Donating & Disposing of Medications & Drugs
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Donating & Disposing of Medications & Drugs
What to do with extra needles/meds from IVF cycle?
For those who have gone through the IVF cycle, what did you do with your extra
needles/meds from your IVF Cycle? I have a couple unopened cartridges of
Follistim, several vials of Menopur and a one ganerellix left. What did you do with
your left over stuff?
praying for a miracle
I gave the leftover meds back to my fertility clinic. I asked that they donate
them to a patient in need, but I don't know if that happened.
I gave my unopened meds back to the fertility clinic so they could give them to
other patients for free.
We took our extra needles to the Berkeley Needle Exchange. We just dropped them
off during one of the times their clinics were open. They were very happy to have
We gave our extra medications to a friend who was going through IVF. If you don't
know anyone, maybe you've gotten friendly with some of the other women who you see
in the waiting room all the time?
Best of luck getting pregnant!
I mailed everything back to the company (we got our meds from an online pharmacy).
Please contact fertile hope.org. They are a non profit that provides support for
cancer patients facing infertility resulting from treatment.
Dispensed medication, even unopened or unused cannot be given or donated or used. Even if
you return them or give them to the clinic they legally must dispose of the medication as
they have no guarantees of any tampering, actual age, etc.
The El Cerrito recycling center will safely dispose of your used/unused needles and also
has medication disposal on site. just drop by and you can dispose of all of this easily.
I have an unopened package of injectable fertility medication
(Follistim) left over from infertility treatments last winter.
It expires next spring, before I'd be ready to try for another
kid. It cost me about $300 - is there some legal way to sell or
donate it, given that it's a prescription med? I hate to just
throw it away. If I can't re-sell, maybe there's a program that
helps people who can't afford fertility meds or something like
My doctor's office was willing to pass along my still-sealed meds to patients who
needed them. If you think the medical practice is organized enough to do that, you
might call and see if they'll take them off your hands and give them to someone
who's struggling to pay for their treatments.
Depending on where you bought them some places will refund you -
i know apothicary.com does. Or i would return them to your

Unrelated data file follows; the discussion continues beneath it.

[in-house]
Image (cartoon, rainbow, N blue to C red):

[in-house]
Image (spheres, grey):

doctor. Personally i would be worried about liability giving
them or selling them personally.
There is a yahoo groups list for women experiencing
infertility, and they maintain a list of members who do not have
insurance coverage for medication and would like donated
Hope this helps.
I gave mine back to my doctor and told him to give it to
someone who could not afford it.
I have a bottle of antibiotics that need disposing and a
medicine cabinet of expired pills etc. Does anyone know
how/where i can dispose of these items?
I live in Albany, so as close as possible
You can take them to the El Cerrito Recycling Center on
Schmidt Lane. You need to put pills in a plastic zip lock
bag first. They have a bin on the right hand side as you
drive in that takes old drugs.
While I've occasionally disposed of expired medicines when
there have been announced drop-offs (most recently when the
Kensington Fire Dept. had one), the new pharmacy (Sal's) at
the top of Solano (so just up the street from Albany) has a
placard noting that they take old prescription medicine for
disposal at any time. This is the store that replaced the
old dance studio, next to the Verizon store (replaced the
old video store) and the Post Office (long-threatened with
closure, still there).
Do not throw old medicines, syrups, etc. in the trash or
down the toilet! This includes over the counter stuff like
old aspirin, even strong herbal formualtions, vitamins,
cosmetics, house cleaning supplies, artists acrylic
paints, etc. etc.
Collect them and take them - along with all your old cans
of paint, batteries, solvents, weed killers, ...to the
free Hazardous Waste site off HWY 880 at 23rd Avenue. They
are now open Mon-Saturday 9AM - 1PM, I beleive. For RX
medicines, maybe pharmacies will dispose of properly now
if you return them. Also, contact the Ecology Center or
StopWaste.org to get more information.
It is so important not to poison future populations and
fish and wildlife with our toxic stew when things
breakdown in soil and water.
Look at this page to see where pharmaceuticals can be
Also - EBMUD usually has a collection bin at Solano Stroll
(I know that's a while away), and every so often Albany has
a collection at the Senior Center, so you might call them
and see if one is scheduled.
The new, amazing El Cerrito recycling center on Schmidt takes
I have several bottles of expired prescription medication that I would
like to dispose of safely (ie not throw down the drain or in the garbage).
I heard that Elephant Pharmacy offered a disposal program, but now that
they are closed, does anyone know of another place I can bring these
medications for safe disposal?
I had prescription narcotics to dispose of and couldn't find anyone who
would take them. What I was finally told to do was to crush them up (in
double ziploc bag), mix them with something unappealing, like coffee
grounds, and put the mixture in the garbage.
I learned this trick from the East Bay MUD web site: Get a container
(maybe like a 2-quart Nancy's Yogurt container or a half-gallon milk
carton), fill it with cat litter, and bury the medicines in it. Then
just throw it in your trash. The cat litter is to discourage people
from getting it from your trash to eat it.
Of course if you have little kids then I'd put it in the outside trash
can just before pick-up so they won't get into it.
If you can wait until September, the EBMUD booth at Solano Stroll has
done this the last few years. You could call them to find out if they
offer the service at other times/places.
You are correct not to throw the medicines into the water system, so
bravo! As a Hospice nurse, we instruct folks to dissolve them in some
water, pour into kitty litter and put in the garbage can.
To safely dispose of meds you no longer need or want, visit
http://www.baywise.org/DisposalLocations/tabid/67/Default.aspx for a
participating pharmacy in your area. Thanks for helping to keep
chemicals out of our landfills and water supply!
Last year I read in Readymade magazine that the best way to self-dispose
of prescriptions is to add a tablespoon of baking flour and a tablespoon
of water to the bottle, shake and toss the container in the garbage.
Perhaps you can combine multiple pills into one container for tossing
and recycle the others? Be sure to tear off the label with your
personal information and shred it.
Municipalities and pharmacies that will take unwanted/unused/ expired
meds vary- and there are LOTS of options in the Bay Area. Visit this
website to search by location:
and if you are looking to dispose of controlled substances (think DEA)